Exotic plant species are those that people transport from their native habitats to new ones in which they flourish, according to the California Parks Department. They become invasive, taking over the habitat of native plants. Free of their regular predators, they have a competitive advantage and often spread unchecked. They deprive wildlife of food and shelter. Two hundred of California's plants are now invasive exotics--with many of them growing in Sacramento Valley, according to the California Invasive Plant Council's database.
Tree of Heaven
Tree of heaven (Ailanthus altissima), native to northern China, is invasive in Sacramento, throughout California and in 29 other American states. Rapidly growing up to 80 feet high and 60 feet wide, it thrives even in poor soil, full shade and urban pollution. Trees spread to form thickets by self-seeding and through root suckers, cautions the Missouri Botanical Garden. Weak wood makes tree of heaven a hazard in high winds.
All parts of the tree emit an unpleasant aroma. In June and July, it has greenish flowers that produce winged seeds (samaras) in September. Plants will sprout even through pavement, where their dropped twigs, leaves and seeds can be unsightly. Individual trees compensate for their short lives by spreading quickly.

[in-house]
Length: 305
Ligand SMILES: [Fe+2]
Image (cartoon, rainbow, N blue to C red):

Water Hyacinth (Eichhornia crassipes) is a perennial native to South America. In Sacramento, with relatively mild winters, it has invaded the aquatic systems. Standing up to 9 inches high and 18 inches wide, water hyacinth is a free-floating, water-garden ornamental. Plants have basal rosettes of thick, glossy green leaves. Thick leaf stalks (petioles) serve as floats. Rapidly spreading, water hyacinth has showy spikes of lavender blooms from June to September. Dangling roots provide shelter for fish. Water hyacinths have a "high" invasive rating from the California Invasive Plants Council. It has had a severe impact on the native plants and animals of the Sacramento area.
Another plant with a "high" invasive rating, perennial purple loosetrife (Lythrum salicaria) is native to Europe and warm Asian regions. The Missouri Botanical Garden cautions that this plant numbers among the World Conservation Union's 100 Worst Invasive Species. Between 2 and 4 feet high and wide, purple loosestrife thrives in swamps, marshes, wet meadows and even roadside ditches.
While its May-to-September 18-inch spikes of magenta flowers make a dramatic show, this species self-seeds with such ease that it chokes out all other vegetation and eliminates wildlife shelter. Planting purple loosestrife is now illegal in many areas. Where the plant is established, shearing off the dead flower heads before they produce seeds may control its spread.